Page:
- The White House is considering a full-on cruise ship shutdown, which would have a devastating impact in the state’s Panhandle where nearly all tourism is cruise ship driven.
The cumulative effect of all of this might have been best summarized by state labor economist Neal Fried’s when asked Tuesday if this is “Alaska’s perfect economic storm?”
“Is that a rhetorical question?” he replied.
State economists who sometimes disagree – Fried, Dunleavy advisor Ed King and Mouhcine Guettabi at the University of Alaska’s Institute of Social and Economic Research (ISER) – now appear in agreement the state economy is heading into decidedly troubled seas.
“It’s going to be ugly,” King said, “but the worst part will be the overreacting.”
And for the members of that generation it is hard to not be a little nervous – if not downright afraid – given the global behavior of COVID-19 to date.
For people under age 40, Covid-19 acts more like the ordinary flu than an especially deadly disease, although scientists do not know exactly why.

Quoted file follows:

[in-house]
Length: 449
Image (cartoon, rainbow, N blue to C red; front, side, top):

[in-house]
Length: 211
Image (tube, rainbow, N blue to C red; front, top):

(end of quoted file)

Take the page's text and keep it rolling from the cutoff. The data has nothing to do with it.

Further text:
“Reports out of China that looked at more than 70,000 COVID-19 patients found that about 80 percent of illness…was mild and people recovered. Fifteen to 20 percent developed serious illness.
“Let’s talk about who those people are. So far it seems like it’s not children. Of the 70,000 cases, only about 2 percent were in people younger than 19. This seems to be a disease that affects adults. And most seriously older adults. Starting at age 60, there is an increasing risk of disease and the risk increases with age. The highest risk of serious illness and death is in people older than 80 years. People with serious underlying health conditions also are more likely to develop serious outcomes including death. ”
Italy has been hard hit because it has the oldest population in Europe. Almost a quarter of Italians are reported to be over the age 65 or older. The median age is 47.3, according to the webiste Statista.